Another chapter has been added to the never-ending tale of three Hudson County hospitals.
Hudson County Executive Tom DeGise has now asked New Jersey Department of Health Commissioner (NJDOH) Judy Persichilli for help in ending the ongoing saga.
CarePoint Health is dissolving and has been liquidating its assets, including Bayonne Medical Center (BMC), Hoboken University Medical Center (HUMC), and Christ Hospital.
Avery Eisenreich, owner of nursing home operator Alaris Health, purchased the land of BMC and HUMC in November of 2019. CarePoint has been searching for a hospital operator for the facilities ever since, eventually signing a formal sale agreement with BMC Hospital LLC to operate the hospital in Bayonne.
CarePoint has also signed a letter of intent with RWJBarnabas Health whereby RWJBH would acquire operations at both HUMC and Christ Hospital.
Four mayors, including Mayor James Davis of Bayonne, Mayor Ravi Bhalla of Hoboken, Mayor Steven Fulop of Jersey City, and Mayor Brian Stack of Union City, as well as Hudson County Improvement Authority (HCIA) CEO Norman Guerra, have also signed a letter calling for a state solution.
In response to the chaos
The officials have penned the letter to express their concern regarding the long term viability of the hospitals.
According to the letter: “This distress and concern has been heightened exponentially in the light of the worldwide pandemic where our county has been a part of the regional epicenter of the COVID-19 pandemic in the United States and the world.”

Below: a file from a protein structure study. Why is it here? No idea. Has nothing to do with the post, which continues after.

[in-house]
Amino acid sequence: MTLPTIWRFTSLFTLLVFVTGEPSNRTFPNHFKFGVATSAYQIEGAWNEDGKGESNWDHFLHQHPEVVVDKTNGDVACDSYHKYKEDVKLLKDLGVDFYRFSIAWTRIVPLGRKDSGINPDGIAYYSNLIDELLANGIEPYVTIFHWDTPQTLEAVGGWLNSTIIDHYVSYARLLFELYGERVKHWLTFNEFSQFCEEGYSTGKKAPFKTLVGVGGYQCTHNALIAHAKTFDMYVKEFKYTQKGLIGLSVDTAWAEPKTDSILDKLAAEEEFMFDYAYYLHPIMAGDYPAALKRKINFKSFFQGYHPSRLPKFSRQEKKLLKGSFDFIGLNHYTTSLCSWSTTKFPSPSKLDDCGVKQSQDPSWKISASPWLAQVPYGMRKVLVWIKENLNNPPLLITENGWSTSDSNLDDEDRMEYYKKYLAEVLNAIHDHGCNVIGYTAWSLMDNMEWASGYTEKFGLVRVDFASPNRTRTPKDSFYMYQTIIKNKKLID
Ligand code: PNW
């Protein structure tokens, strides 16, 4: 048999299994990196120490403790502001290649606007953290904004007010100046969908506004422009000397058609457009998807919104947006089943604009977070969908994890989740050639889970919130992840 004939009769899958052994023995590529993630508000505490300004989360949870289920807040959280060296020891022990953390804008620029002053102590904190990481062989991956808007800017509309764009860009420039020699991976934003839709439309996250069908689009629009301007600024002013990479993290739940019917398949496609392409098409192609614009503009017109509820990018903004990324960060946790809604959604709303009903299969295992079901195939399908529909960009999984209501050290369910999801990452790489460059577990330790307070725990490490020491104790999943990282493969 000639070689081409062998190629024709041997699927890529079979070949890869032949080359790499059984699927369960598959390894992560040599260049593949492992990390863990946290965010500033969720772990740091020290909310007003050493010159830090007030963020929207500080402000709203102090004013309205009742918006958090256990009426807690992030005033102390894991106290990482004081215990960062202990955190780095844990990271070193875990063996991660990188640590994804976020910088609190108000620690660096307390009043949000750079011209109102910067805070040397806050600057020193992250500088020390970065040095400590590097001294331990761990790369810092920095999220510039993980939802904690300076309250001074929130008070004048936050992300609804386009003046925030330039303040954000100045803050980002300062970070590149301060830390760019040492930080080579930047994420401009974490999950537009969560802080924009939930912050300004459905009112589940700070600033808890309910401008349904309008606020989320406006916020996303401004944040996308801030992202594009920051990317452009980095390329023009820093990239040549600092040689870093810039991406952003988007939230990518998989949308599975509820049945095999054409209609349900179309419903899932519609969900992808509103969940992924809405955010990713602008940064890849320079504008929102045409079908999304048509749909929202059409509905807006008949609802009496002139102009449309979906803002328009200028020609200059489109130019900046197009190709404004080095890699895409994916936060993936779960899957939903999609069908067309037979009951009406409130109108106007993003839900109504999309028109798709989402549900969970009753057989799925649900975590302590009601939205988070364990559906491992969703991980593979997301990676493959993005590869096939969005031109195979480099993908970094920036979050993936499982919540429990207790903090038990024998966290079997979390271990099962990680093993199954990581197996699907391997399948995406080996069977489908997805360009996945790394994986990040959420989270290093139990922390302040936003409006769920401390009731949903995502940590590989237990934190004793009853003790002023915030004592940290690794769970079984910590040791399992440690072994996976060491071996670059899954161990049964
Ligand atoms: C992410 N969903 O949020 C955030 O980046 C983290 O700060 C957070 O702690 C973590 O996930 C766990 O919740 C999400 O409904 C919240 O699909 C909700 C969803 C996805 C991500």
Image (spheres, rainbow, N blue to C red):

The plea to Persichilli comes in response to the events pertaining to the Hudson County hospitals from last week, when both CarePoint and Hudson Regional Hospital (HRH) made their respective announcements within hours of each other on Tuesday.
“And now, as implausible as it seems, the situation has devolved into further chaos and uncertainty,” the letter said. “Based upon press releases and our due diligence over the past 72 hours, the [property owner entities] have allegedly structured a deal to lease or sell certain assets with a new potential third party buyer/ operating entity Hudson Regional Hospital at the same time that [CarePoint] has allegedly finalized a deal with a new operator for Bayonne Hospital.”